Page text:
One of Ayn Rand's most useful distinctions for writers is between abstractions and the concretes that realize them. She's obviously not the only person to employ such a distinction, but if you think of abstractions as representations of a set of concretes, it helps you realize that you cannot portray pure abstractions like justice or injustice: you need to show the abstraction in concrete actions to communicate it. For example, the theme of your story may be "the mind on strike" but it must be realized using a set of concrete characters and events that (hopefully) illustrate that theme.

Once you've decided on an abstract theme, it can help you ruthlessly cull unnecessary concretes from your story, or to flesh the theme out to fit the concretes that you do have, or both. The same is true for editing anthologies, only with a little less flexibility as we don't completely control the submitted stories. For example, the Neurodiversiverse's theme is "neurodivergent folks encountering aliens", and if we get a story that does not feature neurodivergent folks, aliens, or encounters, we are not in the position of a writer who can tweak the themes or their realization until they both fit: we have to just reject off-topic stories.

But, as my coeditor and I like to say, editors have superpowers. There's more than one story in the anthology where we've been able to suggest edits - based on the theory of conflict, or the major dramatic question ("who wants what, why can't they get it, what do they do about it, and how does it turn out"), or even just line edits - that would resolve the problems in the story to the point that we'd go from a reject to an accept - or would resolve them, if the author goes along with the changes, that is.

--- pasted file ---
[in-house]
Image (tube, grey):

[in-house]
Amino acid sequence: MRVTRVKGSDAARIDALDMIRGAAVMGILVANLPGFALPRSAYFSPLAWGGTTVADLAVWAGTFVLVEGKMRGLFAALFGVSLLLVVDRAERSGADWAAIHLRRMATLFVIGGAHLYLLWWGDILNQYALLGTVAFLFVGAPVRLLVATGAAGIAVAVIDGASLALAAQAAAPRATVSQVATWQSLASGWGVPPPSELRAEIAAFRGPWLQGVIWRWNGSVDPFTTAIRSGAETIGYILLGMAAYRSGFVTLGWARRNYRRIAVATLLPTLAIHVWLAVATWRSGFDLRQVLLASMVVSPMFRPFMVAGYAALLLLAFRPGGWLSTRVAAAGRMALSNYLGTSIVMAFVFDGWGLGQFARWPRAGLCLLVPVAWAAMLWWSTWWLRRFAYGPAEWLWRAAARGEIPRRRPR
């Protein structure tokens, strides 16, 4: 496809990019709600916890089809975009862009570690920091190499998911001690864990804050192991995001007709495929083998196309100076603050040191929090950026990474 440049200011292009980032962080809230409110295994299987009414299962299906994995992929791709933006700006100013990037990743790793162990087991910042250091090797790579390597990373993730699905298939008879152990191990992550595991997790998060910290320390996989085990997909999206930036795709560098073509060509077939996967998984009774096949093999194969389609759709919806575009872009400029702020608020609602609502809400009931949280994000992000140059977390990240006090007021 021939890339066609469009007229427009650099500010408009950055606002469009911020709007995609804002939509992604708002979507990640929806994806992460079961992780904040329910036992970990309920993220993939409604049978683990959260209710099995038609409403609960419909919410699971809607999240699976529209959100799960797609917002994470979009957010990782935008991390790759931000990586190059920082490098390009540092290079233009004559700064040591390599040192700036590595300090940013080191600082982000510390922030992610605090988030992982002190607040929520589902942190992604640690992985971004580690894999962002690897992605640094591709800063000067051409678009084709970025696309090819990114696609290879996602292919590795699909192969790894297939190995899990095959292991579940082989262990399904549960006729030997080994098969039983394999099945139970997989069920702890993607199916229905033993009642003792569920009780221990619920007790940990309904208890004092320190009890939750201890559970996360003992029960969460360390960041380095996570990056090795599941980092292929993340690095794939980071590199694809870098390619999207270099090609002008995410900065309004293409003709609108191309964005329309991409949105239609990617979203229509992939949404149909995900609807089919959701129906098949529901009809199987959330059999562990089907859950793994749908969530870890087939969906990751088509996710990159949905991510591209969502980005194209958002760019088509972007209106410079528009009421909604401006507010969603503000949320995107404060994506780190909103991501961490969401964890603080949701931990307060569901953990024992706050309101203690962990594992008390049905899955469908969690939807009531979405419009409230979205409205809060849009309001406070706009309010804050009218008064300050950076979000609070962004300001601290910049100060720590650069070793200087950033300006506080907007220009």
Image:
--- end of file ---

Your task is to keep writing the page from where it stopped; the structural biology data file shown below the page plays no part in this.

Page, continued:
But sometimes we can't even do that. There have been several stories where we applied our editing superpowers and drafted a way to fix the story to fit our theme - but where we, reluctantly, declined to pass on the story anyway, because we were no longer convinced that the edited story would be what the author intended. If a story was way off the anthology's theme, but the story's theme was really integral to the story's implementation, then changing the text to fit the anthology may not have suited the story.

In the end, despite our editorial superpowers, we can't "save" all stories, because not all stories NEED saving: some of them may not be right for this particular project ... and that's OK.

-the Centaur

Pictured: A nice heritage indoor mall in Asheville, which is a great writing town.

[twenty twenty-four day thirty]: the questions i now ask

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As a writer, it's important to have humility - no matter how enthusiastic you are about your work, there's no guarantee that it will land the way that you want it to with your readers. So I share my stories with "beta readers" who are, presumably, the kind of people who like to read what I want to write, and I use comments from beta readers to help me edit my stories before submitting them to editors or publishers.

I used to ask almost no questions of the beta readers BEFORE they read it, as I neither wanted to prejudice them about the story nor wanted to draw their attention to features that they might not have noticed. But, over time, I have started adding questions - perhaps in part because my research in social robot navigation exposed me to better ways to ask questions of people, and perhaps just through my own experience.